A cyberattack on Oct. 21 used millions of internet-connected devices to flood the infrastructure of one of the biggest internet routing companies in the US with malicious traffic until it crashed. The attack started on the East Coast but soon spread westward in three waves during the day.
Cyber experts suspect that this unprecedented assault, on a massive scale that points to a state hacker – whether Russia, China or North Korea – may have been staged as a rehearsal for the main show, the disruption of America’s Nov. 8 elections.
There is increasing concern that voters in the 31 states, where civilians and American troops overseas may cast their ballots by Internet, will find their websites disabled by hackers. Around one million US voters would be affected, a critical figure in a tight presidential race between the Democratic and Republican contenders that could create mayhem for American democracy.
It seems that unlike previous distributed denial-of-service (DDoS) attacks, the hackers succeeded in wielding a novel weapon, which is the “next big thing” in malware, known in tech parlance as the “Internet of Things” (IOT). Not only are computers connected to websites directly attacked, but millions of internet-connected devices smart home gadgets, like cameras, baby monitors, remote garage openers, smart refrigerators, DVDs are infected without their owners’ knowledge with software that exposes them to be used by hackers to swamp the victims with overwhelming traffic.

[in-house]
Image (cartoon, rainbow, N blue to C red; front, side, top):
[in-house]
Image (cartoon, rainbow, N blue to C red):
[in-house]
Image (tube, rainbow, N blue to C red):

Since these internet-connected devices are easy to use and relatively cheap, little attention was given to information security when they are developed. For some time, cyber experts have been warning of the potential for major cyber damage from IOT.
The Internet networks in the eastern US were almost completely shut down on Friday morning (local time) when one of the biggest domain name system providers, the Dyn DNS Company, was struck down.
Dyn reported that starting at 7:10am, its DNS servers came under a DDoS attack, which floods servers with huge amounts of malicious traffic. Users reported problems that sporadically shut down several websites, including Twitter, Netflix, Spotify, Airbnb, Reddit, Etsy, SoundCloud and The New York Times.
The first wave lasted about 90 minutes.
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